Skip navigation

University College Dublin Logo

Advanced Search

UCD News

Nuacht UCD

€5 million for Irish researchers to help identify autism gene

Posted: 19 February 2007

With funding provided by the Health Research Board (HRB), Irish researchers will participate in a leading international consortium* that aims to help identify the gene responsible for causing autism. The Autism Genome Project (AGP), which was formally announced on 18 Feb 2007, will receive a total of €12 million from a variety of international organisations over the next three years.

Autism is a complex brain disorder that inhibits a person’s ability to communicate and develop social relationships, and is often accompanied by extreme behavioural challenges. Autism Spectrum Disorders are diagnosed in one in 166 children in the United States, affecting four times as many boys as girls. The diagnosis of autism has increased tenfold in the last decade. The Centres for Disease Control and Prevention have called autism a national public health crisis whose cause and cure remain unknown.

The research in Ireland will be conducted by the Irish Autism Genetics Collaboration - a partnership between researchers in University College Dublin (UCD), Trinity College Dublin (TCD) and their associated hospitals (Tallaght Hospital [AMiNCH], the National Centre for Medical Genetics and the Health Service Executive).

UCD researchers, Professor Andrew Green and Dr Sean Ennis from the UCD School of Medicine and Medical Science, and TCD researchers, Dr Louise Gallagher and Professor Michael Gill from the School of Medicine at TCD, will play a lead role in the project.

The research sets out to identify genes that contribute to the risk of autism in a large sample of individuals and families with autism which were recruited in Ireland and across the globe. The goal is to find a link between clinical and genetic information in patients in order to better understand the factors which contribute to autism. This will be crucial to the development of diagnostics, targeted treatment and intervention.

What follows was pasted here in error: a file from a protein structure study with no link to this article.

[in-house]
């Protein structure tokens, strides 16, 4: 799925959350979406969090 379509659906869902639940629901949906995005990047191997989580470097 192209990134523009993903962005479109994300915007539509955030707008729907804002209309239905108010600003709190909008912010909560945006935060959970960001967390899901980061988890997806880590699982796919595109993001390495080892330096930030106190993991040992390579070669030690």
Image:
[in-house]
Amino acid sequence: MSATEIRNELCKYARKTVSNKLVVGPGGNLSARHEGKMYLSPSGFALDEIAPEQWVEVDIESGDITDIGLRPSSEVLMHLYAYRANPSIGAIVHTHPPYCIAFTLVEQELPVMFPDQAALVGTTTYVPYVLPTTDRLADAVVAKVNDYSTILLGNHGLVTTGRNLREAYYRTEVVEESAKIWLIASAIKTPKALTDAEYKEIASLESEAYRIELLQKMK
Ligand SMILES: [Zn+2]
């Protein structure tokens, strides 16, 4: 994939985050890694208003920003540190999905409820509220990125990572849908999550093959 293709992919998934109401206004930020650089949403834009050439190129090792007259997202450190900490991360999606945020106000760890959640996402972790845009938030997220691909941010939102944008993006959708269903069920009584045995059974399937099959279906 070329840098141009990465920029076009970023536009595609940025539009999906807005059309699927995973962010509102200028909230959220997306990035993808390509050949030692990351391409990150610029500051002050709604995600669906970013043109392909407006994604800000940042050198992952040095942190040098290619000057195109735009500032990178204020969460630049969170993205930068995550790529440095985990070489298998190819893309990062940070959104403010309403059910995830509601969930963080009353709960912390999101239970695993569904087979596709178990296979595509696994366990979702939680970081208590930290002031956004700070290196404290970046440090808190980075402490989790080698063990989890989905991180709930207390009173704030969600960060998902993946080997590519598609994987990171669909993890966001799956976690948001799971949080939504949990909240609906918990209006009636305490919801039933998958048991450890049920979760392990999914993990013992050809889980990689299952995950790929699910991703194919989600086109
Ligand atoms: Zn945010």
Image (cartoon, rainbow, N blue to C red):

“This project will bring new understanding to how autism develops,” said Professor Andrew Green, UCD School of Medicine and Medical Science. “It will further raise the profile of Irish science worldwide.”

Professor Michael Gill, School of Medicine at TCD, described the project as an exciting opportunity for Irish researchers to play a key role in a prestigious international project. “Our involvement in this kind of a global initiative is recognition of the skills and dedication of Irish research teams focused on autism in both Trinity and University College Dublin.”

Building on previous success, the international coalition of researchers will apply 'gene-chip' technologies to scan the genome for association with new genetic markers, as well as sub-microscopic copy number variations (CNVs) along chromosomes in autism. The finding will guide high-throughput DNA sequencing experiments designed to pinpoint underlying changes in DNA sequences in autism susceptibility genes. The unprecedented statistical power generated by the AGP will ultimately allow researchers to confirm the role of these genes, in autism spectrum disorders.

“Working in partnership with other organisations and sharing research information is a progressive approach that we hope will yield results. The Health Research Board believes that co-operation between such an eminent group of researchers, philanthropists, funding agencies and the participating families, will increase our understanding of the gene involved in autism and we hope that the discoveries made will lead to effective targeted interventions,” said Dr Ruth Barrington, Chief Executive at the HRB.

* The other co-funders in the international consortium include Autism Speaks (US), the British Medical Research Council (MRC), Genome Canada and partners, Canadian Institutes for Health Research (CIHR), Southwest Autism Research and Resource Center (SARRC), and the Hilibrand Foundation. This unique combination of international, public and private partners funding a consortium of clinicians and scientists is a new and welcome departure in the field of autism research.

About the HRB

The Health Research Board is the lead agency in Ireland supporting and funding health research. With an annual budget of approximately €40 million from the Department of Health and Children and current commitments worth over €100 million, the HRB supports a broad range of health research in Ireland in the hope of improving links between the laboratory and the delivery of patient care.

>> More News and Events
<< Back to Home